After a mass shooting in Atlanta that killed six Asian women, conversation turned to gun control, defining what a hate crime and raising awareness about anti-Asian discrimination.
Gun control has been a long-standing issue dividing the parties, while hate crime legislation currently exists in all but three states: Wyoming, South Carolina and Arkansas. And even in these three states, hate crime bills have been introduced.
The latest Economist/YouGov poll was conducted entirely after the Atlanta shooting, but was ongoing as a separate shooting in Boulder, Colorado took place. Nearly nine in ten had heard about the Atlanta shootings, and for nearly half the public (47%), this was a hate crime. Slightly more (52%) said it was a violent crime. Respondents could choose as many options as they wished.
Women were 17-points more likely (55%) than men (38%) to consider the Atlanta shootings a hate crime, and Black Americans were 23-points more likely (66%) than white Americans (43%) to say this.
Democrats (74%) were three times more likely than Republicans (25%) to label the Atlanta shooting hate crimes. Republicans were more likely to describe the shootings as violent crime (48%) and mental illness (52%). Only one in four adults overall (23%) labeled the event as terrorism.
Most Americans (56%) see hate crimes on the increase nationally, and 27% say hate crimes are rising in their own community.
How America’s perception of discrimination against Asian Americans has changed
The shooting in Atlanta altered the perception of how much discrimination Asian-Americans face. Ten years ago, just 5% said Asian-Americans faced “a great deal” of discrimination. One year ago, just after Americans began to experience the impact of the COVID-19 pandemic (and one in five Americans admitted to using terms like “China virus” and “Kung Flu”), that percentage rose to 16%.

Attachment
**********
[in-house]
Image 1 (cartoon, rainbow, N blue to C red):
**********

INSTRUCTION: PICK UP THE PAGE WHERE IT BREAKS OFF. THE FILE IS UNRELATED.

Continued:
In the last year, that percentage has doubled to 33%. In addition, two-thirds see at least a fair amount of discrimination (69%), an increase of 16 points since 2020 (53%) and 40 points since 2011 (29%).
Democrats (88%) are more likely than Republicans (50%) to see a lot or a fair amount of discrimination directed at Asian Americans.
As for gun control, there is also a wide party divide. Democrats (79%) are three times more willing than Republicans (26%) to make gun laws stricter, while Republicans (18%) are six times as likely as Democrats (3%) to want them to be less strict. Half of Republicans (51%), but just one in nine Democrats (11%) want no change at all in gun laws. Women (55%), Latinos (55%), and Black Americans (67%) are (and have been) most supportive of stricter gun laws.
Methodology: The Economist survey was conducted by YouGov using a nationally representative sample of 1,500 US Adult Citizens interviewed online between March 20 - 23, 2021. This sample was weighted according to gender, age, race, and education based on the American Community Survey, conducted by the US Bureau of the Census, as well as 2016 Presidential vote, registration status, geographic region, and news interest. Respondents were selected from YouGov’s opt-in panel to be representative of all US citizens. The margin of error is approximately 2.9% for the overall sample